If you've been walking in the woods recently you're likely to have picked up the scent of bluebells and a slightly more savoury aroma. Wild garlic smells just like it's cultivated relative - heady and pungent! And it's not too late to enjoy this delicious fresh offering from nature's wild larder. Wild garlic is still in season until June so why not go foraging today and cook up a zingy feast.
The bright green, pointed leaves and white flowers are often found in dappled shade in damp meadows, along stream sides and in shady hedges. It's easy to identify, making it a good first step into wild food gathering. Although wild garlic grows abundantly, do make sure you are picking from an area where there is a plentiful supply and only take enough for personal use. Our wildlife need their food too!
According to the Woodland Trust wild garlic is an ancient-woodland indicator plant. It spends most of the year as a bulb underground in woodland, only emerging to flower and leaf from April onwards. This early flowering attracts the attention of plenty of pollinating insects, including hoverflies, butterflies and longhorn beetles.
Wild garlic is also an excellent natural pest repellent. Planting wild garlic around a vegetable garden can deter insects and other pests, protecting your crops from damage.
The bulbs have long been used in traditional medicine as one of the key ingredients in tonics for rheumatic problems and high cholesterol. The herb contains high levels of vitamins and minerals, including vitamins A and C, zinc, and selenium, making it an excellent immune-boosting herb. Eating wild garlic regularly can help boost your immune system and keep your body healthy. Wild garlic has also been used to help regulate blood pressure, and some studies suggest it may help to lower high blood pressure.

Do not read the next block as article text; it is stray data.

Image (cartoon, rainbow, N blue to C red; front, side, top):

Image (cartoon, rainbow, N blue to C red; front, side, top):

Wild garlic has a deep and complex flavor that is similar to garlic, but milder and sweeter. Wild garlic is a fantastic addition to bread or butter, providing a subtle and delicate flavor. The flowers are also edible and can be used as a garnish for salads.
I like to add wild garlic to soups and stews but probably the best use of this amazing herb is in a simple pesto.
Wild Garlic Pesto
- 50g pine nuts (cashews; pistachios or almonds can be subsituted)
- large bunch of fresh wild garlic leaves, roughly chopped
- 50g pecorino or parmesan cheese (or vegan alternative)
- 300ml extra-virgin olive oil (a cheaper oil can be used instead)
- pinch of salt
- pepper to taste
Toast the nuts until golden then either add all ingredients into a small blender or pound in stages using a pestle and mortar; nuts and garlic then adding cheese and oil.
Pesto is always best eaten soon after making, but if you have any left over, spoon into a jar, then cover with oil to form a seal. It should keep for a couple of weeks in the fridge. This pesto freezes surprisingly well - use ice cube trays for small portions.